Brainspotting is a type of therapy designed to help clients process and overcome trauma, pain, and negative emotions, as well as psychologically induced physical pain. Brainspotting was developed through David Grand’s work with trauma survivors and many mental health providers have begun using the approach as it has proved to be an effective form of treatment for a variety of mental health issues.
According to David Grand, the direction that people look can affect the way they feel. During brainspotting, providers help clients position their eyes in ways that allow them to spot sources of negative emotions. Using a pointer, trained brainspotting therapists will guide the eyes of clients across their field of vision to find “brainspots”. “Brainspots” refer to a specific position that activates painful emotions or traumatic memories.
There has long been evidence that trauma is stored in the body and that it rewires the brain. Trauma has proven to have an effect on emotions, memory, and physical health. The intention of brainspotting is to activate the body’s ability to self-heal.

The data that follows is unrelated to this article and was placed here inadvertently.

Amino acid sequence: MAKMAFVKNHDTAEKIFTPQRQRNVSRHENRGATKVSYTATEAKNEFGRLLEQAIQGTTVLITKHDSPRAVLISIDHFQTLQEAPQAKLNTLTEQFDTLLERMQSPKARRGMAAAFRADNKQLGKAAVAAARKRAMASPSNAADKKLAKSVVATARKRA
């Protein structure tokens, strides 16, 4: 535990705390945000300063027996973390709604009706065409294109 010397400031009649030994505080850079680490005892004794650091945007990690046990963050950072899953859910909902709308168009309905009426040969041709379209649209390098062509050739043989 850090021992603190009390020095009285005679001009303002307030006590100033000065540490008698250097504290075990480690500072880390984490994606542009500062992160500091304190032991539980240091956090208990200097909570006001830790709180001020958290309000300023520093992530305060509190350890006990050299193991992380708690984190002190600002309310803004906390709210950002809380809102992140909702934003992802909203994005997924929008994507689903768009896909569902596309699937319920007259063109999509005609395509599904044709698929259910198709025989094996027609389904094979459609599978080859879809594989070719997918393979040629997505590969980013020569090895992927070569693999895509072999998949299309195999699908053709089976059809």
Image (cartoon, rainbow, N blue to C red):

A therapist may attempt to access both physical and emotional locations of negative emotions through therapy, but brainspotting therapists utilize a method referred to as “dual attunement”. “Dual attunement” entails the therapist simultaneously attuning to the therapeutic relationship as well as the brain-body response of the client. Some evidence has shown that brainspotting primarily targets the limbic system- a collection of brain structures that influence long-term memory, cognition, impulse control, motivation, emotions, and more.
Brainspotting attempts to help those in therapy reprocess negative events and retrain emotional reactions. It has been shown to assist in injury recovery and treat inattention, stress, or low motivation. Brainspotting has been shown to be an effective treatment method for those experiencing all forms of trauma, anxiety, ADD, phobias, substance abuse, impulse control issues, and more.